I WASN’T THAT GREAT at running track as a teenager, and was not as good at it as I am now. In high school, I wasn’t motivated nor did I like to look stupid or get too sweaty. So I never ran as hard as I knew I could. I also never won. I joined the track team because I didn’t play a sport in the winter, only field hockey in the fall, and I had a few friends on the team.
The thought of running long distances in front of a crowd gave me anxiety, so I became a sprinter. I ran the 100- and 400-meter sprints. Then, on the first Saturday practice, our coach announced that he was looking for volunteers for the less popular events.
“We need high jumpers, long jumpers, pole valuators, and hurdlers. You’ll do your running event half the time and your special event half the time,” he said. I sat in the crowd thinking, “Run half the time. Run half the time. Run half the time.” And this is when I signed up to be a hurdler.
There was a very distinct separation in my head between being a hurdler and physically hurdling. I loved the former and could go either way about the latter. We ran less than the sprinters, we had our own section of the track, and no one watched us as we were learning.
When my dad bought me my first pair of cleats after a pancake breakfast in Princeton, New Jersey, I was proud to tell the cashier I would be using them to hurdle. But I was terrible at it, and my coach always told me I looked stiff.
The other hurdlers picked it up a lot faster than me. They seemed comfortable jumping, they had longer legs, and they just went for it. One boy on the team would kick every hurdle down as he ran. He wasn’t as tall as everyone else, so he had to either jump a lot higher or just kick them. He chose to plow through the entire line fearlessly, and when he was done, the hurdles would all rock back and forth in his wake. His style was the least graceful and hardest to watch, but he had a varsity track jacket, not me, so I couldn’t judge.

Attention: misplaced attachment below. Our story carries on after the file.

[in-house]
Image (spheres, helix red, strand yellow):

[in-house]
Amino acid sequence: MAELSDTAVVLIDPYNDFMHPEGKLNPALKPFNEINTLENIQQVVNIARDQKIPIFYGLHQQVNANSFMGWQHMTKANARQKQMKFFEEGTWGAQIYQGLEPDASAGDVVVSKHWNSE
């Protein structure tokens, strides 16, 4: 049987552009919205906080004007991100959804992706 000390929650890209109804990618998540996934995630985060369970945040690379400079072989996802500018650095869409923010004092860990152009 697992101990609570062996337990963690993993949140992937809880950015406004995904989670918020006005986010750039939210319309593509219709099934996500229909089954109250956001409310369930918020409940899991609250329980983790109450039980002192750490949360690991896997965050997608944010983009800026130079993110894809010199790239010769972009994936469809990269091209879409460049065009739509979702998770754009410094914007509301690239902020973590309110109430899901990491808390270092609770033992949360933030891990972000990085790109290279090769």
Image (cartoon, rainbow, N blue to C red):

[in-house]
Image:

After a few weeks of practice, I had my first race at an armory in New York City. The bleachers were on the second floor looking down at the field. The longer races were on a track that went along the inside wall, the throwing events were underneath the bleachers in the back, and the short sprints, like my event, were in the center of the room. There would be very few seats without a view of my race.
None of my family came to watch, so I spent the time before my race with my best friend, a particularly good shot putter. Before the event, we walked around the building and talked about boys from the other teams. She seemed so relaxed.
Being so nervous, I felt like a fraud wearing the same uniform as her. And it was when my race began that I realized why: Hurdling, especially at top speed, is a little dangerous.
One second I was running as fast as I could at a large wooden obstacle, and the next I was completely airborne. During practice, when I ascended then descended over the hurdle, my stomach would drop like I was on a roller coaster.
At the armory, I let those nerves get the best of me. After my start, my toe got caught on the second hurdle, and I fell forward onto my hands and knees. It was a short race. By the time I was on my feet, everyone else was almost done. I walked over the next hurdle and got enough momentum to slowly half-hurdle over the rest. It was humiliating and painful and made me not want to ever attend practice.
For the rest of the season, I continued to run at the rear of the pack. Falling taught me that when you don’t trust your legs to sail you over a hurdle, they probably won’t. About fifty percent of the time I would run up to the first hurdle and stop. My coach would stand right next to me and yell, “Visualize it! See yourself flying over that thing!” And the girls would yell, “Don’t give up!” but sometimes I had to.
My body would freeze and after a moment I would realize that I hadn’t even tried to jump. I had just stopped. I wanted to tell everyone that I was visualizing, but what I was actually picturing was my body losing balance and falling into the next lane or missing the hurdle and knocking my teeth out.
Then during that winter break, when no one was around to watch, and for no real reason, I decided to move from five-stepping to four-stepping, a more advanced technique that requires the dominant leg cross each hurdle first.
Learning a pattern with one fewer step–and one that also depended on my weaker leg–was difficult, but I was undeterred. On one spring afternoon, my friend and I dragged the hurdles out onto the track. And on my third attempt to four-step, I fell. Hard.
It had been a while since I had allowed myself to fall. My back leg hadn’t tucked enough, and my toe grabbed the hurdle once again. I had almost forgotten what it was like to move so fast and then hit the ground so abruptly.
I had fractured my elbow, which was bad. However, in front of a group of basketball players and wrestlers, the school trainer told me he didn’t believe that I had actually hurt myself, which felt awful. But nothing felt worse than when my doctor told me I’d be healed by the next season and wouldn’t have to take any time off from running.
Feature Image: David Morris
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